Also, think about overpopulation on a more critical level- our planet is not overpopulated. We have the resources to sustain our population, and with technology improving every day, we have the opportunity to ensure better farming practices, better housing practices and better transportation practices that can give every person in the world access to basic needs while also lowering our carbon footprint. That’s not the problem. The problem is overconsumption. That’s not a global issue- it’s a Western issue. We all want our McDonald’s and our shiny new phones and our houses with big yards and picket fences. That’s more dangerous than a family of eight in Africa peacefully living their lives. And you, as a Westerner, are actively contributing to overconsumption, even if you choose not to add to the population.
Lashing Out About Parents’ Social Media Posts
This one is just annoying. It’s not reflective of any deep rooted social issue*. It’s just something I don’t understand. We get it. You are satisfied being childless- but if you actually can’t stand to see other people satisfied with their life, I think you may not be as confident with your own choices as you may think.
Come on, we’ve all dealt with endless posts and Snapchat stories of blurry, crowded parties and videos where there’s always someone with the background screaming something incoherent. We all have to deal with those girls we went to high school with who update you on literally every aspect of their life. We have to deal with tabloids who mistakenly believe we actually still care about Taylor Swift (I said it). Yet I never see as much rage as someone who goes on Facebook and has to see baby photos. Facebook isn’t providing you with content you’re interested in? When has Facebook ever provided you with content you’re actually interested in?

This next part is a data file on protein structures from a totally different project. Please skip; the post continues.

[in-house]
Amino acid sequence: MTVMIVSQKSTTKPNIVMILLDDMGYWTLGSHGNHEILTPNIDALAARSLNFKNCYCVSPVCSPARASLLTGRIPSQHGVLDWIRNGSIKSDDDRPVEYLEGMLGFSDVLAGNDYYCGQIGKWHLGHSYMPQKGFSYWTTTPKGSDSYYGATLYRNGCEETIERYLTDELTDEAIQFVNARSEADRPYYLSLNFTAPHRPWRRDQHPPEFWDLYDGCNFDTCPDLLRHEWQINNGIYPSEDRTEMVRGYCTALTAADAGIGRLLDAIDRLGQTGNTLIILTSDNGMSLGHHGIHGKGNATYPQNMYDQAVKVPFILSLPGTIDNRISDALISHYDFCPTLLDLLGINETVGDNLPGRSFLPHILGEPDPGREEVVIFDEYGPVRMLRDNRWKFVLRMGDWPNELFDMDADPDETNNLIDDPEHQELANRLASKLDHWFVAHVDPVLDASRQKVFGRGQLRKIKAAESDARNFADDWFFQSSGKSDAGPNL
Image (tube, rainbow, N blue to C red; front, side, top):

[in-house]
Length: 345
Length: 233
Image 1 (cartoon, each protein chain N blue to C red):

Shut up and let people be happy with their lives. Think of it like college majors- we all know at least one engineering or pre-med student that makes snide comments to all other majors. It doesn’t actually say anything about the hardworking students in other programs- it just reflects poorly on the snobby student. Hating on people for choosing to have kids doesn’t actually mean their days must be boring or hard or they secretly hate their lives- it just means you aren’t as confident as you try and act.
*Unless you are the awful type of person who likes to suggest young women, single women or poor women who have kids must be “sluts” or failures.
You Can’t Have It All
Yes, the unfortunate reality is that it can be tough to navigate both parenthood and a successful career. There are a lot of barriers to having both- jobs that demand travel, working so many hours you have little time for any personal life, even the fear of being discriminated against. For this reason, many people are deciding to forgo having kids, especially the younger generation, which is already struggling to find decent work without children.
But the reality is that “you can’t have it all” isn’t a good thing. It’s not something to say almost like a boast- you can’t have it all meaning I’m gonna have a great career with lots of money while you face systematic discrimination and struggle to make ends meet, continuing a vicious cycle that often targets already oppressed communities. Don’t say it like you’re proud of it.